Credit Card Rules

Credit Cards – Finally a law for consumers

When it comes to credit cards, there are new rules in effect as of August 2009, and you need to be aware of them. First of all you need to know that these rules although watered down, protect you the consumer, and not the banks. Credit Cards and the new rules would never have been put into effect if the Republicans still controlled the Congress because the banks have made major political contributions to the Republican war chests for years. The act creating these changes is the Credit Card Act of 2009. The real name is the Credit Card Accountability, Responsibility and Disclosure (CARD) Act.

So what are the new rules for credit cards?

  1. Banks must give you a warning with a minimum of 45 days regarding changes they want to make to your account(s). Prior to the new rule, they had to under the old laws give you only 15 days notification. However if you are in default, than interest-rate increases would go into effect now, and the 15 day rule does not apply.
  2. Have you noticed that some banks send you a credit card bill, and it seems like it’s due immediately? That’s because they want you to be late. They love that ridiculous late fee, which allows them to screw the consumer over. Well under the new credit card laws, the banks must now give you a minimum of 21 days to pay the bill, before they can serve you up a late fee.
  3. Prior to this law going into effect, the banks had the right to offer you an opt-out option. It was their right, not yours. Now you have the right to say no to interest-rate increases. You also have the right to cancel your account while you pay off the balance with the old lower interest rates attached. This is a major plus. It means the banks cannot pick your high balance account and target it by telling you that they are going to charge you a higher fee. You can now walk away from the higher interest rates. You must still pay the balance off, but you don’t have to accept higher rates. Good for the consumer, and too bad for the banks.
  4. There are other parts to the credit card bill. Among them are limitations on increases in interest rates. There is also a ban on marketing and issuing new credit cards to young people under the age of majority. In February of 2010, there will be a host of new regulations on gift cards.
  5. The banks get nailed again in July of 2010 when new requirements come into play once again. This time there will be much more disclosure regarding fees, as well as rates and terms that must be on the monthly statements. There will also be new rules on credit card applications and mailers that you and I are accustomed to getting.
  6. These new rules are the result of Congressional action in conjunction with regulations set by the Federal Reserve Board, as well as federal banking regulators.

More Vital Points that YOU Need to KNOW!!!>

  1. The way the banks have designed their credit card programs will have to go through a complete overhaul. It’s no different than an army being outfitted for the wrong war. The business models they currently employ are now obsolete.
  2. In anticipation of the changes above, the banks have already raised rates on their existing cards to beat the timing of the laws. This is because the law now makes these changes very difficult.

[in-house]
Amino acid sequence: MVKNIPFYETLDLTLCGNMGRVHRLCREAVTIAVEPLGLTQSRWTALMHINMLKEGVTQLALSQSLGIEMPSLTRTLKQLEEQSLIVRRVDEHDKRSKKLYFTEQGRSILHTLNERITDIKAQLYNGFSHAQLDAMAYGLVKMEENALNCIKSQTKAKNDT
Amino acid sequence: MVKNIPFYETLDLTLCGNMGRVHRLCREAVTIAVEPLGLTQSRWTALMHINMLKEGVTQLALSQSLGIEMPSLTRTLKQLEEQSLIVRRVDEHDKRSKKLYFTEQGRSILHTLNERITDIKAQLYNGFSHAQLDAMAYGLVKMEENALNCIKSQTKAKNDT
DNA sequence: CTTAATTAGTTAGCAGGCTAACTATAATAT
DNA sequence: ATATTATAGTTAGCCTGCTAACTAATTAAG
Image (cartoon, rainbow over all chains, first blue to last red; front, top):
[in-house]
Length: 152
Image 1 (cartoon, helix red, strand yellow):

3. If a consumer rejects changes in the terms of his credit card, the banks in turn cannot ask the consumer to render full payment of the outstanding balance. They can’t even charge monthly maintenance fees on accounts closed by consumers due to a change in terms.
  4. Think what this means for the banks. If they have a credit card holder who they feel is more risky now than 3 months ago, the bank no longer has the right to arbitrarily change the terms of the account.
  5. All banks are expected to comply with the government imposed deadlines.
  6. The first bank to implement all aspects of the new Act prior to the deadline is Wells Fargo. They made the changes in July.
  7. It is expected that banks will now dump the riskiest customers under the new Act. They will no longer be profitable.
  8. The so called rewards cards will no longer be so rewarding. The banks will have to cut back on these sorts of programs.
  9. What about the grace period. As you know, when you charge something, if you pay off the balance on the next statement, you are not charged interest. Banks are now considering charging interest on a purchase regardless of whether or not you pay it off on the next statement. This is OUTRAGEOUS.
  10. The big downside here is probably a tightening of credit card availability and consumers having less access to credit through this vehicle.
  11. The 80-20 rules applies to credit cards. The top 10 bank credit cards control as much as 90 percent of the credit card market.
  12. Under normal conditions the default rate on credit cards is about 5%. During a recession like the one we are experiencing, the number could get as high as 10 to 12%. We expect to see a peak in defaults sometime in the second quarter of 2010.
  13. The new act also provides for due dates and times that make more sense. You can’t set an early morning deadline under the new law. A 5PM cutoff on the due date is now illegal as well. If the bank makes the due date a holiday, or a Saturday or Sunday, you can’t be subject to a late fee for that.
  14. For the subprime players among us, you cannot be charged upfront fees if the issuer allows them to exceed 25% of the consumer’s available credit limit during the12 months of the card’s life.
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